A jet-fast hunk of Akron history found a new home Wednesday.
In its heyday, the Green Monster Cyclops, built 50 years ago by late racing Hall of Famer Art Arfons, set records as its jet engine pushed the dragster past 340 mph.
On this day, however, a handful of folks, including Arfons’ son, Tim, gingerly unloaded the car inch by precious inch onto the asphalt of car collector Bob Jones’ showroom at 701 S. Broadway.
A crowd of about 20 car enthusiasts “oohed” and “aahed” and snapped photos as the historic vehicle arrived on a flatbed truck.
The Cyclops, which had spent the past 23 years at the Motorsports Museum in Michigan, will stay in Akron under the watchful eye of Jones and his family. There are only five or six Green Monsters known to exist.
Tim Arfons, who lives in Uniontown, said he intends to put his father’s car on permanent display in a museum he plans to open in 18 months or so. For now, the legendary speedster will sit on South Broadway, along with Jones’ myriad collection of other classic vehicles, including another jet-rail car built by Art Arfons.
Arfons, an Akron-area resident who died in 2007 at the age of 81, constructed his own cars and became known as the “junkyard genius” in the 1960s. During his career, he was a three-time world land-speed record holder.
Jones, a private collector, already houses one Green Monster, the last one Arfons built. The Cyclops was completed in 1961 and was the first vehicle Arfons equipped with a 17,500-horsepower jet engine. Arfons crafted the vehicle with a scrapped F104 J79 Starfighter engine. At one time, Art Arfons even tried to turn the Cyclops into a boat.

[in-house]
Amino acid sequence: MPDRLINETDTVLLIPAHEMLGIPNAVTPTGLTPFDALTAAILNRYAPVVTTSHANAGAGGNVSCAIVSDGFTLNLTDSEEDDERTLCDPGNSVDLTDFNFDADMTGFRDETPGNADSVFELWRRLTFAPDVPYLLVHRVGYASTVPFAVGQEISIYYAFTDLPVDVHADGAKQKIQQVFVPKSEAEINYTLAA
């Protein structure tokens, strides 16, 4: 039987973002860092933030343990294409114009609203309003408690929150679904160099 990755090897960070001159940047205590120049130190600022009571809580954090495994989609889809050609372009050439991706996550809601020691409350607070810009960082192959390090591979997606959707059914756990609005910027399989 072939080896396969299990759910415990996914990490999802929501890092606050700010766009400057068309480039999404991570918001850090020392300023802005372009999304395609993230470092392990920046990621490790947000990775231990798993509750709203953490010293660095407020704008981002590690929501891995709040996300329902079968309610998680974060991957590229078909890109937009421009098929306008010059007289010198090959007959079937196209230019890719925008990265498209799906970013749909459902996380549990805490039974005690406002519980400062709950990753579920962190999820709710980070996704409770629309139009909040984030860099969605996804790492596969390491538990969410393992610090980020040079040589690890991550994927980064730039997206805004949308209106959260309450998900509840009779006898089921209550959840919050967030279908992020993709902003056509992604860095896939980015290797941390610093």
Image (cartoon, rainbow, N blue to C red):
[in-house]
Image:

“My father was a self-made genius,” said Tim Arfons. “He did everything himself.”
According to the Motorsports museum website, Art Arfons built the Cyclops in an effort to break the land speed record. “Although he didn’t break the record in this particular car, he did set the record for open wheel/open cockpit cars at 342.88 mph. That record is still in the books today.”
The Cyclops made its way to Akron via Arfons’ shop in Green after sitting, most recently in storage, at the Michigan museum. Arfons and Jones became friends in recent years through various car-related events.
“Bob did such a wonderful job with the other car, we decided to leave it on loan with him for awhile,” Tim Arfons said.
For Jones, a collector for decades, the Cyclops is more than just a fast car.
“It’s an honor,” the 78-year-old businessman said. “Art Arfons is a name I grew up with. It’s iconic. It was always something special. When Tim asked, I knew it was an opportunity I didn’t want to waste. I think it’s a great addition.”
The Cyclops may be viewed along with Jones’ entire collection during an Aug. 16 fundraiser for Grandparents Against Sexual Predators (GASP) at the Jones Group Interiors Building on South Broadway. The open house, which requires a $25 donation, runs from 5:30 to 8:30 p.m.
The event offers a rare look at Jones’ collection, which include both Green Monsters, several Model Ts and Model As, a rare 1962 Chevrolet Corvair pickup truck, a ’51 Crosley Super Sport Roadster and a stainless steel DeLorean just like the one used in Back to the Future movies, sans the flux capacitor.
Although he doesn’t call it a museum, Jones’ building has been transformed into one. Besides cars, there is a myriad of auto-related memorabilia, including vintage signs, gas pumps and pictures.
Reservations are required for the open house fundraiser. For more information, call Fran Doll at 330-805-1239 or email firstname.lastname@example.org.
Phil Trexler can be reached at 330-996-3717 or email@example.com.